ClinVar Miner

Submissions for variant NM_052845.4(MMAB):c.394T>C (p.Cys132Arg) (rs147457956)

Minimum review status: Collection method:
Minimum conflict level:
ClinVar version:
Total submissions: 4
Download table as spreadsheet
Submitter RCV SCV Clinical significance Condition Last evaluated Review status Method Comment
GeneDx RCV000443124 SCV000513638 likely benign not specified 2017-11-02 criteria provided, single submitter clinical testing This variant is considered likely benign or benign based on one or more of the following criteria: it is a conservative change, it occurs at a poorly conserved position in the protein, it is predicted to be benign by multiple in silico algorithms, and/or has population frequency not consistent with disease.
ARUP Laboratories, Molecular Genetics and Genomics,ARUP Laboratories RCV000824472 SCV000884121 uncertain significance Vitamin B12-responsive methylmalonic acidemia type cblB 2019-02-28 criteria provided, single submitter clinical testing The MMAB c.394T>C; p.Cys132Arg variant (rs147457956) has been reported in the heterozygous state in one individual with methylmalonic aciduria out of a cohort of 181 patients (Illson 2013). This variant is listed in the genome Aggregation Database (gnomAD) with a non-Finnish European population frequency of 0.1% (identified on 145 out of 122,430 chromosomes, including one homozygote) and is classified as likely benign in ClinVar (ID: 378149). The cysteine at position 132 is weakly conserved, considering 12 species, and computational analyses of the effects of the p.Cys132Arg variant on protein structure and function do not predict a deleterious effect (SIFT: tolerated, PolyPhen-2: benign). Based on the available information, the clinical significance of the p.Cys132Arg variant cannot be determined with certainty.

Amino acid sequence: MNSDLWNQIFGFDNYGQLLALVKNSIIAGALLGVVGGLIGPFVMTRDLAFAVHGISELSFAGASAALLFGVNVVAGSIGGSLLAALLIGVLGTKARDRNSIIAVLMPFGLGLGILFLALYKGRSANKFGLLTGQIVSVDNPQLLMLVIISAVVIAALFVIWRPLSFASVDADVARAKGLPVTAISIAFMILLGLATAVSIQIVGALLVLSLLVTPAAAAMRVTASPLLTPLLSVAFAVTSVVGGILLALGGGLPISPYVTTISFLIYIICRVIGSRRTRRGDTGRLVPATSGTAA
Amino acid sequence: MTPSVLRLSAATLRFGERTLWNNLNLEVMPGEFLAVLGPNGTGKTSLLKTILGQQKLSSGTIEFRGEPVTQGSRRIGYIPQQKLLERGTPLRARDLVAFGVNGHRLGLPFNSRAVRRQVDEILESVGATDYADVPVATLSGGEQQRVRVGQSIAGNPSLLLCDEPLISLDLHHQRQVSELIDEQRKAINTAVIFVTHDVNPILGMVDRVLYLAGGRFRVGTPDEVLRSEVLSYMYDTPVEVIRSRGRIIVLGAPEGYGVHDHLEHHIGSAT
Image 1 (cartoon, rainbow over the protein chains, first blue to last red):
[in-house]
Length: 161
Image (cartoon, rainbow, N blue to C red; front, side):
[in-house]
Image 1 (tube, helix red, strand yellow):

Invitae RCV000824472 SCV000965371 uncertain significance Vitamin B12-responsive methylmalonic acidemia type cblB 2019-03-26 criteria provided, single submitter clinical testing This sequence change replaces cysteine with arginine at codon 132 of the MMAB protein (p.Cys132Arg). The cysteine residue is weakly conserved and there is a large physicochemical difference between cysteine and arginine. This variant is present in population databases (rs147457956, ExAC 0.2%). This variant has been observed in an individual affected with methylmalonic aciduria (PMID: 23707710). ClinVar contains an entry for this variant (Variation ID: 378149). Algorithms developed to predict the effect of missense changes on protein structure and function output the following: SIFT: "Tolerated"; PolyPhen-2: "Benign"; Align-GVGD: "Class C0". The arginine amino acid residue is found in multiple mammalian species, suggesting that this missense change does not adversely affect protein function. These predictions have not been confirmed by published functional studies and their clinical significance is uncertain. In summary, the available evidence is currently insufficient to determine the role of this variant in disease. Therefore, it has been classified as a Variant of Uncertain Significance.
Illumina Clinical Services Laboratory,Illumina RCV000824472 SCV001270284 uncertain significance Vitamin B12-responsive methylmalonic acidemia type cblB 2017-04-28 criteria provided, single submitter clinical testing This variant was observed as part of a predisposition screen in an ostensibly healthy population. A literature search was performed for the gene, cDNA change, and amino acid change (where applicable). Publications were found based on this search. However, the evidence from the literature, in combination with allele frequency data from public databases where available, was not sufficient to rule this variant in or out of causing disease. Therefore, this variant is classified as a variant of unknown significance.

The information on this website is not intended for direct diagnostic use or medical decision-making without review by a genetics professional. Individuals should not change their health behavior solely on the basis of information contained on this website. Neither the University of Utah nor the National Institutes of Health independently verfies the submitted information. If you have questions about the information contained on this website, please see a health care professional.